What to expect during the SSDI benefit application process

The prospect of filing for Social Security disability benefits for illness can be daunting, and may in fact scare some away from ever seeking this form of assistance. While the Social Security Administration (SSA) has recently announced its intentions to make revisions to its practices, it’s unclear at this point how those changes will affect the application process. Yet even though the task may seem intimidating, the truth is that for many, Social Security Disability Insurance (SSDI) benefits may represent the only way that they can survive financially. By knowing what to prepare for during the qualification process, one may be better equipped to handle any challenges that he or she is presented with in earning these benefits.

First and foremost, the basis for one’s eligibility for SSDI benefits is determined on whether or not they are actually working. While some applicants may be encouraged to not work during the application process in hopes that it will increase their chances of qualifying, one can actually earn up to a $1000 monthly income and still be considered benefits-eligible.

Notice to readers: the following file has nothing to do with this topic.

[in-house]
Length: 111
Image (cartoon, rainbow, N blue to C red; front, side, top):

The crux of determining one’s disability is whether or not the applicant is inflicted with a “severe impairment” that keeps them from working for an extended period of time. The criteria to meet this are based on a comparison of one’s medical treatment history to the SSA’s own listings of different conditions and ailments. In order to be considered for benefits, it must be determined that one cannot perform any of the functions associated with any previous employment he or she has held, or any current jobs in his or her area.

The entire qualification process can take over one year, during which time applicants should anticipate having to provide extensive information about their employment and medical history. A Social Security lawyer may a good source of assistance in helping one work through this application process.

Source: Carlisle Sentinel “Raising the Bar: Applying for Social Security disability” Stephen J. Hogg, Jan. 05, 2014

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